Some call this process an “uncoupling” (thanks Gwyneth and Chris Martin), but how to do you carry out the said uncoupling if you were never really a couple? Uncoupling, I think, involves a dissolution of agreements, a voiding of pre-existing obligations, setting someone free from all the things they owed you and freeing them from the explicit or implicit promises they made you. In a conventional relationship, this might be straightforward; you have the ever-useful, albeit lame and painfully unimaginative, platitudes such as “it’s not you, it’s me” (by the way, if anyone ever says this to me, I’m just going to assume that it is, in fact, me), “I think you deserve better” (quite a lofty assumption; who are you to tell me what I do or do not deserve? Do I get any say in this?) or the more pithy “I can’t do this anymore.” But how do you say these things to someone that you were in a situationship with? How do you dissolve agreements that never really existed in the first place, or void obligations that you were never really owed? How do you set someone free when they were never really bound to you in the first place?

Given the complexities, it seems easy to assume that, just like the tacit agreement that defined the said situationship, there can be a tacit “uncoupling”. You convince yourself that you can break up with this person without really breaking up (after all, you were a couple without really being a couple). So you “move on”, maybe find a new love interest (formal, this time, given the stress of your previous “arrangement”). You’re happy, you tell yourself. It’s so much better to be with someone that’s legitimately yours, someone you can lay claim to, someone that’s obligated to you. With this person, you never have to wonder what you are or where you stand and the certainty that comes with this knowledge envelopes you in a warmth of security that seems impossible to trade for anything in the world. You’re happy, and you’re “home.” Or so you think. You ride this wave of happiness and security for a while until, one day, a strange feeling starts nudging at you, lightly at first, but slowly increasing with intensity. You ignore it; you’re happy, you tell yourself. But the feeling never really goes away, that feeling of longing for the words that you never said, the answers you never got, and the conclusions you never reached. You wish you could go back, you wish you could ask for answers, you wish you could tie up those loose ends that continue to gnaw at the current state of happiness that you’ve so dutifully built for yourself. But at this point, you’re stuck; you can’t go back and re-write the story. All you get are the shoulda-woulda-couldas to keep you warm at night.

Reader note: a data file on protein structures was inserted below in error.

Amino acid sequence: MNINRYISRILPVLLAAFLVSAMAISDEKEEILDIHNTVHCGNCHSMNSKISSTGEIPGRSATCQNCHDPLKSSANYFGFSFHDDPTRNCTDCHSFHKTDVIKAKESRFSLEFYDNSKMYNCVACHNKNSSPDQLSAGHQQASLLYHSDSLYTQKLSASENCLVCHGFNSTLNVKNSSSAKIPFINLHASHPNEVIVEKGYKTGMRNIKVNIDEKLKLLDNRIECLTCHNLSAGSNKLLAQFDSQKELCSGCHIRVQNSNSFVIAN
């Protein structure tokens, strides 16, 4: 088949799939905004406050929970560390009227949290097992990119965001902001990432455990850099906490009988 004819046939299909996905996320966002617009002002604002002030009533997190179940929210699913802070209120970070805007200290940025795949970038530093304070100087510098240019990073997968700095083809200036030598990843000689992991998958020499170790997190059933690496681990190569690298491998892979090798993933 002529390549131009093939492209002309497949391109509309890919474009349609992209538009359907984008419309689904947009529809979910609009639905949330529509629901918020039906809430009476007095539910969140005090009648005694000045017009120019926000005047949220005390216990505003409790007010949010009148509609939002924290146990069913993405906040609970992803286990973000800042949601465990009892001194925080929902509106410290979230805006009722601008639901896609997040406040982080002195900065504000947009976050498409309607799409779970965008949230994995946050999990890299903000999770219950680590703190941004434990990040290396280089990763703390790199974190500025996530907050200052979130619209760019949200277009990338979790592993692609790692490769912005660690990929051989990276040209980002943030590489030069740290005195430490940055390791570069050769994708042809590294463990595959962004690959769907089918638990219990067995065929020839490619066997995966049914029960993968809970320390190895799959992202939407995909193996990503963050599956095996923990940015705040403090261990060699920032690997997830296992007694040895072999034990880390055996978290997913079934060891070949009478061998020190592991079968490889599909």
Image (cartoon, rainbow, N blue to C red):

So you wait, patiently, for the day you wake up and these loose ends are not there, staring you in the face and demanding for closure.